I noticed from my stats that someone was looking for bug catchers, and it so happens I've got a boatload of ideas for bug collecting. Most of these are for preschool, pre-K, and kindergarten, but I'll add some adaptations for the big kids. Ahh, bugs. Love them or hate them, they're a prime source of interest for younger kids. Although many teachers balk at bringing bugs inside, there are plenty of ways to do so without hurting the bugs or the kids.
Disclaimer: Know your kids and know your region. I don't have any students with insect allergies, and I live in a region where we don't have dangerous critters. I'm not responsible for what happens if you take the deathly-allergic-to-bee-stings kid bug collecting in a field full of nasty venomous beasties. I'm just sayin'.
Another Disclaimer: Please don't try to catch adult butterflies, no matter what the net's called, unless you're doing this with older kids. Younger kids almost always kill the poor creatures. If you want them to see butterflies, collect caterpillars and watch the changes. And for heaven's sake, whatever kind of bugs you catch, don't hurt them. Observe and release.
DIY Butterfly or Bug-Catching Net
To make a bug-catching or butterfly net, you'll need a pole of some kind, strong wire, netting (see below), and duct tape. The pole should be something of an appropriate length and weight for your students. I really like the 3'-4' bamboo poles you can get at the garden store; they're light and seem sturdy. You could also use lengths of dowel, strong sticks, sections of a broom handle, lengths of PVC pipe, or even rulers for smaller nets.
Next, you'll need netting. The obvious DIY choice is old pantyhose, but the problem is finding pieces large enough. A better choice is cheesecloth or that material they use in bridal veils - tulle. Both are pretty cheap and easy to obtain. In a pinch you could really use almost any thin fabric.
To make each net, take a length of strong wire (a cut-up coat hanger works well) and bend it into a circle, with two prongs at each end to attach it to the pole. Place these prongs against the pole and affix them with duct tape. (If you're using bamboo or pipe, you can stick part of the prongs right into the pole before you apply tape.) Now, cut a circle of netting that's about an inch or so greater in diameter than the wire circle. It doesn't have to be perfect.
To attach the net you can go fast and easy or painstaking but better-looking. For fast and easy, just duct tape the edge of the net circle right around the wire loop. For slow but more professional, sew the netting on with strong thread. You may be tempted to use the slower method, but remember this is an item with will likely be dragged through dirt, weeds and mud puddles. I'd save the sewn version for older kids or for kids who will use the net to catch fish or frogs.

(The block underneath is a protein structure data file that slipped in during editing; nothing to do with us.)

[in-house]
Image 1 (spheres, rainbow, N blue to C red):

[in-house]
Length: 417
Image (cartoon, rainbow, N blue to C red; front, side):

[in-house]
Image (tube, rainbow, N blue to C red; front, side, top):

You can make a deeper net by using two rectangles of netting whose short lengths are about 5" longer than the wire loop's diameter. Sew or tape three sides of the rectangles together. Attach the open part to the loop. You could also use two long, thin triangles of netting.
Another option for making the net is to use an embroidery hoop. Separate the two parts and insert your netting. Put the parts back together and tighten the screw. Then use wire to attach the hoop to the pole.
Tube: You can just use cardboard tubes, or get some lengths of wide, clear plastic tubing at your local Home Depot-type store. (Ask for the plumbing or jacuzzi supplies section.) To use, gently push the bug into the tube and cover one end with each hand. Alternatively, take two lengths of tube. On each one, seal off one end with a binder clip. To keep bugs in this type you just hold the open ends together.
Cup: Tried and true! Give each kid a clear plastic cup and a square of cardstock. Scoop the bug into the cup with the cardstock and then put it on top to keep it inside. Great for spiders!
Bug sucker: Okay, I know some of you are going to cringe at this one, but it looks like a cool idea. Check it out here.
Cut bottle: Cut plastic bottles in half and keep the ends with the caps. Use cardstock circles or butter tub lids to capture the bugs, guide them into the bottle and keep them inside.
Bottle: Just give them empty plastic bottles and caps. Poke holes in the bottles first even if you're only keeping them in there for a few minutes. (When the kids put the covers on the bottles, heat can change the pressure inside them and quickly kill the insects. Please do not ask how I know this.)
A temporary bug holder can be simple or fancy. All you really need is a closed, transparent container with small holes poked in it for air. Soda bottles work fine.
For something a little more long-term, cut a rectangle out of the side of a soda bottle and tape window screen material or netting over it. You could put soil and small plants inside it first.
I've yet to find a really good, cheap DIY ant farm idea. A few weeks ago, I was inspired to DIY my own gel ant farm, like this commercial one. I figured I could just use Jello - ants like sugar, right? I made some double-strength red Jello and poured it into a soda bottle. Poked some holes near the top and dropped in some ants (yes, from the same anthill). Result: total failure. Glad I only used a few ants, poor things. So if you've got a better idea for a DIY ant farm that's really cheap and lets the kids actually see the tunnels, please put it in the comments!
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